MEN­TAL AS ANY­THING

WITH A 1000HP, 600-CUBE BE­HE­MOTH UP FRONT, THIS FULL-SIZE CHEVY IS GOOD FOR 9.8-SE­COND QUAR­TERS AT 140MPH

Street Machine - - Contents - STORY CRAIG PARKER PHO­TOS CHRIS THOROGOOD

A 1000hp, nine-se­cond heavy Chevy with 600 cubes of in­san­ity

AS I STARTED PULLING STUFF OFF, OTHER PARTS STARTED FALL­ING OFF. THE MORE PAINT I STRIPPED, THE MORE FILLER AND RUST I FOUND

IF 9.8-se­cond quar­ters nor­mally aspi­rated isn’t im­pres­sive enough from this hulk­ing 2020kg (4450lb) streeter, there’s a 250hp NOS hit on standby to amp things up to 11!

“This car has been in the fam­ily 40 years,” says owner Michael Ver­gis. “My un­cle bought it orig­i­nally, but after crash­ing it, he left it sit­ting in our yard for years.”

At the ripe age of 17, Michael de­cided he’d give the big ol’ Im­pala a new lease on life.

“I had no idea what I was get­ting into,” he says. “As I started pulling stuff off, other parts started fall­ing off. The more paint I stripped away, the more body filler and rust I found.”

Un­de­terred, he stuck at it. Con­se­quently, what started as a three-month, $10k build, turned into four years and a whole lot more moolah. That was 27 years ago, and the Im­pala has been on the road ever since. Mind you, it’s had a cou­ple of spray jobs, three gear­boxes, three diffs and four en­gines along the way.

“It went 350 small-block, 400 small-block, 540 big-block and now the 600-cu­ber,” says the power mad Vic­to­rian. “It’s a big car – it needs a lot of oomph!”

Michael blames Eu­gene from Flowcraft Race En­gines for the cur­rent donk.

“It was all his idea,” says Michael. “The 540 made around 800hp and ran [email protected], but I let Eu­gene talk me into go­ing even big­ger. He told me about this en­gine he had in mind and I said, ‘Let’s build it.’”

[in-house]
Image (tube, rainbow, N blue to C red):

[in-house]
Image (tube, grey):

Eu­gene is a lit­tle se­cre­tive about the ex­act specs, how­ever, the main high­lights in­clude Dart Big M block, Brodix al­loy heads, Cal­lies crank, Cal­lies H-beam rods, 11.5:1 CP pis­tons, roller camshaft, Su­per Vic­tor in­take and an APD car­bu­ret­tor.

“APD cus­tom made the carb for this spe­cific en­gine,” ex­plains Michael. “Eu­gene sent them all specs and they made it to suit. I think it’s some­thing like 1150cfm.”

Al­though Eu­gene plays his cards close to his chest, when Tommy and Ali from Dyno House

pulled the string, the num­bers did all the talk­ing; 1000-plus hp (NA) along with bet­ter than 900lb-ft of earth-twist­ing torque!

“That’s all on straight BP Ul­ti­mate,” says Michael. “I haven’t given the ni­trous a run yet as I’m en­joy­ing just driv­ing it around too much. It’s a re­ally good thing.”

The big en­gine was only the start of things, as it now needed a big­ger trans and a big­ger diff. Matt from M.D.T Au­tos stepped up to the plate and screwed to­gether the trans-braked TH400 with re­v­erse-pat­tern shift. While John Lang put to­gether the Pro9 chrome-moly sheet-metal rear end.

Ge­off from Street Tech Fabri­ca­tions was called upon to look after a host of fab­ri­ca­tion – in­clud­ing the sus­pen­sion. The fac­tory fourlink rear has been beefed up with a chunky sway-bar, along with ad­justable lower arms (to move the diff back ’n’ forth) and ad­justable top arms to fine tune the pin­ion an­gle for wheels-up launches. Tubu­lar arms were also used up front and there’s dou­ble-ad­justable Vik­ing coil-overs on all four cor­ners.